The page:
He sought to understand the concept of being and how it relates to time. Prior to Heidegger, nearly all philosophers had assumed that an objects exist at instances in time and that as time moves forward these objects can either change or stay the same. Heidegger argued that this preconception regarding the concept of being is mistaken and he used his version of phenomenology to argue that being cannot be separated from time. It is not that an object exists at different instances in time, Husserl argued, but that the passing of time is an essential component of being. An analogy he used is that it is not a hammer that constitutes being, but hammering. He used this conception of being to address the nature of human existence, which he called Dasein.

Heidegger's phenomenology influenced many including Jean-Paul Sartre, who was influential in his own right. Sartre focused on the concept of being in contrast with nothingness and contingency and what this means for human existence. Sartre was concerned with how the experience of emotions such angst, nausea, and anxiety relate to human freedom. Sartre and more recent phenomenologists had similar ways of going about phenomenology as did Heidegger. For them, phenomenology was less based on epistemological methods than on describing one's stream of consciousness and interpretations of metaphysics. These phenomenologists often did make an effort to perform epoche before making new judgments on matters regarding life, being, time, nothingness, etc. but they did not believe that it was possible to entirely eliminate all prior beliefs or even to come close to doing this.

There have also been philosophers who have practiced something like phenomenology in the broad sense of the word as I outlined in an earlier post. This includes philosophers of the analytic tradition who emphasize the first person study of consciousness like David Chalmers and John Searle. Both Chalmers and Searle are from the Analytic tradition and thus are not often considers phenomenologists, but they do both strongly emphasize that there are aspects of consciousness that are outside the realm of science and they came to this conclusion partially on the basis of introspection and reflection.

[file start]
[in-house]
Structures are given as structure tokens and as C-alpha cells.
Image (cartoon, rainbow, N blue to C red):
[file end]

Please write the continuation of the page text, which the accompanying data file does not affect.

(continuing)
I largely agree with Husserl's phenomenology and find that I disagree with Heidegger and Sartre and other phenomenologists who came after him. I agree to a large extent with Chalmers and Searle regarding their analysis of consciousness, but they do not really go about this in a phenomenological way. I see some problems with traditional phenomenology and I have a proposed solution. I will be writing more posts on phenomenology in the coming weeks where I will explain the problems with it, at least as it has been practiced traditionally, and I will also explain my proposed solution. If you have any questions about this, please email me at brandon@enlightenedworldview.com

1 Dermot Moran, Introduction to Phenomenology p. 227